The hot, dry days of summer may be when proper hydration seems to be most essential to livestock, but the truth is that winter watering is just as critical. Those cold, blustery days when you most want to stay inside by the fire are the days it pays to watch your water.
Just like essential minerals, water adds zero energy to the diet, yet it is critical for survival and exploiting the nutritional value of feed. And no matter how much snow is on the ground, it is not an adequate water source for livestock.
Among cattle, the water-drinking champs are wet milk cows. A high-producing cow might suck down 25 gallons of water a day. It’s common to see cows drink three times the weight of feed in the form of water. The requisite volume of water needed is often an afterthought, particularly in the winter. True, water requirement is reduced in the winter, but it remains substantial.
Adequate water intake is necessary for:
• Transporting nutrients and excretions.
• Chemical reactions and its solvent properties.
• Regulating body temperature.
• Maintaining shape of body cells.
• Lubricating and cushioning joints and organs.
Lack of water has serious consequences, including reduced feed intake, lower productivity, weight loss due to dehydration and increased excretion of nitrogen and electrolytes such as sodium and potassium. Serious dehydration can even lead to death.
Ensure adequate water availability at all times to maintain hydration and normal metabolic activity. Some things can reduce water intake, even when availability is adequate. Check and monitor water intake regularly. In fact, evaluate water consumption as closely as you calculate dry matter consumption—it is that important. If water intake is less than expected and availability is good, then determine if there is anything that may be decreasing the water’s palatability. Cattle have a keener sense of smell than humans. Physiochemical factors that have been shown to influence water intake include total dissolved solids; sulfur, sulfate, sulfite and sulfide; chloride; iron; nitrate; manganese and fluoride. Water may also harbor pathogenic bacteria such as salmonella.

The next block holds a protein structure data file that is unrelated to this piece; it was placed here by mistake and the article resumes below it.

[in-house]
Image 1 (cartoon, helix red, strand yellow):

In addition, poor water quality can cause problems with facilities and equipment. For example, dissolved solids can cause water flow and waterer challenges. High iron might permit iron bacteria to grow, plugging water lines and systems.
Follow good management practices by flushing and cleaning waterers routinely. Feed, fecal bacteria and water-borne contaminants should be regularly cleaned out. Water quality in wells may be inconsistent. Mineral levels and total dissolved solids may fluctuate during the year.
If you suspect water quality is an issue, start with a livestock water analysis. You may need to treat the water with a shock treatment, filters, reverse osmosis or other means. More drastically, you may need a new well or switch to using municipal or rural utility water.
All water from natural sources contains impurities. Some of these impurities adversely affect the usefulness and suitability of water, while others may improve its palatability. Pure water is tasteless, colorless and odorless. It also feels slick on the skin. Because pure water is one of the best solvents available, it picks up impurities easily. Water may be cleansed or polluted as it flows over or filters through soil or other material. It may pick up or lose bacteria and dissolve or lose chemicals, minerals and sediment. The belief that flowing or soil-filtered water has purified itself is false and leads to an unjustified feeling about water safety. Clear water is not necessarily safe, just as colored or turbid water is not necessarily unsafe.
Water that is safe to drink is not necessarily nice to drink. To ensure livestock stay properly hydrated year round, make sure their water source is both safe and palatable.
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